Google+ Followers

Friday, 12 September 2014

Abstract: "Animal agency in politics and eco-existentialism"

Today I have composed the abstract rendered below, for the 2nd research seminar of the Norwegian-Estonian research project "Animals in changing environments: Cultural mediation and semiotic analysis", which will take place at University of Stavanger Friday October 24th.

***
Animal agency in politics and eco-existentialism 
Morten Tønnessen 
Associate professor in philosophy at Department of social studies & Department of health studies, University of Stavanger, Norway  
What is animal agency? And how are various notions of animal agency explicitly or implicitly presented in different kinds of texts? 
In this presentation I will start out by summarizing a survey conducted in the biosemiotic community on the notions of ‘agent’ and ‘agency’ (Tønnessen, forthcoming), with regard to animal agency. I will also briefly outline the semiotics of animal representations as a field of study (Tønnessen and Tüür 2014). 
Next I will share observations made in my analysis of mentions of animals in Norwegian political party programs for the parliamentary period 2013–2017 (Tønnessen 2013). One of the findings is that animals are in these documents predominantly described in terms of economic resources, not as sentient beings endowed with subjective experience. Even though animal welfare is now addressed by several (particularly small) parties, even most of the parties that are the most positive to improving animal welfare speak of animals in very anthropocentric, reductionistic manners whenever animal welfare is not the topic. 
I will furthermore analyse the essay “The Last Messiah” (1993 [1933]), written by the Norwegian eco-existentialist and mountaineer Peter Wessel Zapffe (1899–1990), with the notion of animal and animal agency in mind. For Zapffe, human compassion with suffering animals is central. But unlike in the case of human beings, he claims, the suffering of animals is limited to their own, more or less immediate, suffering. Likewise animals too feel anxiety, but only human beings can “fear life itself”, or fear their own being. Even though human beings are unique in some respects, including when it comes to relating to death, I will argue that many animals too are in some situations aware that they are mortals.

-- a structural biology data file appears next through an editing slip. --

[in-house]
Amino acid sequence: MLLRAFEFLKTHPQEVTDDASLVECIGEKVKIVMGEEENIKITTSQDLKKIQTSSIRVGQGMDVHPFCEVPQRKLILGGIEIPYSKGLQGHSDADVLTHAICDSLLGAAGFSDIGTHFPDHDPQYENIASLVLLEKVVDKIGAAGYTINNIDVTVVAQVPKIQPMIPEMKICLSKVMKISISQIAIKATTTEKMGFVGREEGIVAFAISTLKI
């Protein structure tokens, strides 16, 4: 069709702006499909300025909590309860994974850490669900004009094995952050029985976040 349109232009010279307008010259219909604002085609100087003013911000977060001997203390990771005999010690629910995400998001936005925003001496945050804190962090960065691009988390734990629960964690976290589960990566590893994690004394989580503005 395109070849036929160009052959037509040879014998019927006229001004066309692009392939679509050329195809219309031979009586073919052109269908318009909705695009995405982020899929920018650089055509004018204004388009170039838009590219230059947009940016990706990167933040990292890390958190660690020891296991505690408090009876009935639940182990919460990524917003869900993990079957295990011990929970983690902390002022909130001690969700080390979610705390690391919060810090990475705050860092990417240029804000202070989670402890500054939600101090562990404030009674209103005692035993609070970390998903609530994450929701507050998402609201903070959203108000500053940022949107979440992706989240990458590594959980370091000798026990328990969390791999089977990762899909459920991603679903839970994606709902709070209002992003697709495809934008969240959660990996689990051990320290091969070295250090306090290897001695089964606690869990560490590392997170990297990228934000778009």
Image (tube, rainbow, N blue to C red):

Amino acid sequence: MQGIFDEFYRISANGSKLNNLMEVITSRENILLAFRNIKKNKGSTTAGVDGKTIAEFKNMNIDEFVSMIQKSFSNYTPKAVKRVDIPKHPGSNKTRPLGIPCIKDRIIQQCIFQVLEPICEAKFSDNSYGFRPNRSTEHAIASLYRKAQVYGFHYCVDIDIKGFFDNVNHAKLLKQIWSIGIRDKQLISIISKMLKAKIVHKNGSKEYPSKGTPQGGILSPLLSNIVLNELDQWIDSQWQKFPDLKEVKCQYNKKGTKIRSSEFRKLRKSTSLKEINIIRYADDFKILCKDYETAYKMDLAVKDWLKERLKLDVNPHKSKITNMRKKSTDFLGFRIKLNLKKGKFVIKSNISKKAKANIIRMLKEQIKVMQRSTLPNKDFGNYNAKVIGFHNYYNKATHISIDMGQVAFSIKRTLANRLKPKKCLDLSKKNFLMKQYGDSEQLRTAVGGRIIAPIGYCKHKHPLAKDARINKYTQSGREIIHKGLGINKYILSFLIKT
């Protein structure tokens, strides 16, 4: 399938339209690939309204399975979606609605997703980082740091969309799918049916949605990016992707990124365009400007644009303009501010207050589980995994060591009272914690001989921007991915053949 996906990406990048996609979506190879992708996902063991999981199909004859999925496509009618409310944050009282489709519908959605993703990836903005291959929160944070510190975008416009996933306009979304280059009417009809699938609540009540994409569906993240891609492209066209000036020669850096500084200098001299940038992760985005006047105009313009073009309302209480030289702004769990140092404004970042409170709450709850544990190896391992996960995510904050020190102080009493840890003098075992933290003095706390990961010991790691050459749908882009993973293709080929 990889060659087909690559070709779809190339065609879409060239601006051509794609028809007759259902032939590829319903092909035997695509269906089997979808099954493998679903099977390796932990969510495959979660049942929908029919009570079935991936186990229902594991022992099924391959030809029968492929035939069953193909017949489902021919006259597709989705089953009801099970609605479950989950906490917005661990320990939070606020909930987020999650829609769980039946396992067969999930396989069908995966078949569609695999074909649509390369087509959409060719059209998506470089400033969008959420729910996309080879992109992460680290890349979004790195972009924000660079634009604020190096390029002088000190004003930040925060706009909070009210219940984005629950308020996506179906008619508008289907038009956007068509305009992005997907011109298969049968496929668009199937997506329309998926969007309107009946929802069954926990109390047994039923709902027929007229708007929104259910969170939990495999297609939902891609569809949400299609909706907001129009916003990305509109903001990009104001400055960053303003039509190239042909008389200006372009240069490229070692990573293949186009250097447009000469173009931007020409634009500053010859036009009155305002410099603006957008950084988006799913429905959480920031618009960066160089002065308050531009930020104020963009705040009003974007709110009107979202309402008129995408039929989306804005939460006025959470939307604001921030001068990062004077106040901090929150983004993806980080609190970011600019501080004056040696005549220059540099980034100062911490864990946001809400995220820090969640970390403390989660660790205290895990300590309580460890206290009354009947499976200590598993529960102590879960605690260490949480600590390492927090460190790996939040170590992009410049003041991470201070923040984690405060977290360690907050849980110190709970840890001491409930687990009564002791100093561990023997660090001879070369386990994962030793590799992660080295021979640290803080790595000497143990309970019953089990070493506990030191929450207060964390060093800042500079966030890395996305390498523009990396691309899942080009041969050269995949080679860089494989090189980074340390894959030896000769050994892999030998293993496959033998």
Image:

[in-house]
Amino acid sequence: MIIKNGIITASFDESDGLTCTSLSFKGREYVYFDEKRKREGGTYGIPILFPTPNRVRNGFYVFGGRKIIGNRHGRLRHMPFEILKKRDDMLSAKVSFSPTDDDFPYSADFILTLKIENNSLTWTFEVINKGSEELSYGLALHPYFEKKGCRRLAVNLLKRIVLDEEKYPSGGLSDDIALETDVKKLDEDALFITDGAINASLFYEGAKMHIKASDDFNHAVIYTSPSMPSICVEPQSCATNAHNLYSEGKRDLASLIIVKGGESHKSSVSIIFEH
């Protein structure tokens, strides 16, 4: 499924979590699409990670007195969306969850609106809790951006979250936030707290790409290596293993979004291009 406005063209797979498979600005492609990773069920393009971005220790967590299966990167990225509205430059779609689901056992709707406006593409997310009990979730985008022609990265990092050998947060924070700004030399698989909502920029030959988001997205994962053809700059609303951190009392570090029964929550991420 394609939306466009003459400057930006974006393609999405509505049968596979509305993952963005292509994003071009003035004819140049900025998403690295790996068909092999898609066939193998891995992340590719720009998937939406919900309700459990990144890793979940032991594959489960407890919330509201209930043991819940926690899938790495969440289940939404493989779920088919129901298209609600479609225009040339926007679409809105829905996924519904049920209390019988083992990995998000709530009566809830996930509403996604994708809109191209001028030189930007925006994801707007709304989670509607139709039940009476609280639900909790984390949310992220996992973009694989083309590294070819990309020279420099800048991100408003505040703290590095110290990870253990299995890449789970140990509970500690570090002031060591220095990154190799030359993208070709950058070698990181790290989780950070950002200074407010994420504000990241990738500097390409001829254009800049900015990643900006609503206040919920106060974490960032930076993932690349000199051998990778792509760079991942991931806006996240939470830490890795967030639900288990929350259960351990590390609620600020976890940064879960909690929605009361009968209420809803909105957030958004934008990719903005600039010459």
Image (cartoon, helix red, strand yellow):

Acknowledgement 
This work has been carried out thanks to the support of the research project Animals in Changing Environments: Cultural Mediation and Semiotic Analysis (EEA Norway Grants/Norway Financial Mechanism 2009-2014 under project contract no. EMP151).  
References 
Tønnessen, Morten 2013. Analyse av partiprogrammer for 2013–2017 – utført for Dyreetikkonferansen 2013 [Analysis of political party programs for 2013–2017 – conducted for the Norwegian Animal Ethics Conference 2013]. Oslo 2013: Dyreetikkonferansen. Available online via Dyreetikkonferansen.no, ResearchGate (DOI: 10.13140/2.1.3693.1203), Academia.edu, Scribd. 21 pp. 
Tønnessen, Morten, forthcoming. The biosemiotic glossary project: Agent, agency. Forthcoming in Biosemiotics 8(1) (April 2014). 
Tønnessen, Morten and Kadri Tüür 2014. The semiotics of animal representations: Introduction. In Kadri Tüür and Morten Tønnessen (eds), The Semiotics of Animal Representations (Nature, Culture and Literature 10), Amsterdam/New York: Rodopi, p. 7–30.  
Zappfe, Peter Wessel 1993 [1933]. The last Messiah [Den sidste Messias, 1933]. Translated by Sigmund Kvaløy and Peter Reed. In Peter Reed and David Rothenberg (eds): Wisdom in the Open Air: The Nor­wegian Roots of Deep Ecology, Minneapolis: University of Minnesota Press, p. 4052.

No comments: